Imagine a metal band at a house party. On ripped-up sofas, overturned chairs, and a floor littered with empty cans and bottles, a crowd moshes wildly as the band trashes its way through the set. A glass vase falls from the shelf, shattering on the tile floor and bringing the party to a halt. The moshers disappear, the sofas are repaired, the cans and bottles are (mostly) gone, but the band remains.
When Left Brain rehearses, it’s always a house party.
Left Brain started as a jam band, with John Allen on guitar, Steve Keator on drums and Tristin Rogers with vocals. They spent the summer of 2005 jamming until bass player Michael Clifford joined the ranks in September. With the final spot in the band filled, Left Brain got serious about taking their music beyond just a hobby. The first step: moving into Keator's house.
"We all live together, we eat together, we practice together," Keator says. "If you're going to go on the road, travel the country and live in tour buses, you'd better start living in a house and see if you can get along."
Shortly after the move, they signed up to play their first gig—a block party that failed miserably. (The host of the event didn't acquire the needed permits, so the party was cancelled.) Left Brain called a friend at Harlow's on the Hill and booked their debut concert, which included other bands from the defunct show. "It was our most valuable lesson," Keator says. "We need to do this ourselves."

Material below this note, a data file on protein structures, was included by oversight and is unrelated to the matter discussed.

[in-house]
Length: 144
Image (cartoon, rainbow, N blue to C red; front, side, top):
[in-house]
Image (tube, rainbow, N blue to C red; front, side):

On top of each member working a full-time job, Left Brain is continually writing new music, attending shows of other local bands, flyering for upcoming shows, being ever-present in the rocksquawk.com online community and playing their own gigs. They do everything themselves—even putting together their debut album, Bury the Facade, with a little help from Sid Garcia of Sight 16 Studios.
Bury the Facade is the first album Left Brain has released for mass consumption. But in reality, this isn't their first record—it's just the first record they've liked enough to bring outside the studio. Six months ago they completed a 10-song demo CD they weren't happy with, so they took the loss and didn't release it. "The music wasn't as hard as we wanted it to be, it wasn't as deep as we wanted it to be," Rogers says. All this from a band that’s just over a year old.
The depth of Bury the Facade comes in a few different flavors, the first and most obvious being its depth of craftsmanship. The professional quality of the album art--all original work by guitarist, graphic artist and self-declared promotion whore Allen--is a gateway into the equally professional and driven musical story inside. Through haunting bass hooks, forceful lyrics, raging guitar and driving percussion, Bury the Facade embodies hard rock with depth not often found on a debut album. Left Brain has arguably earned the moniker "The Hardest Working Band In Burque" and Bury the Facade is one more piece of evidence.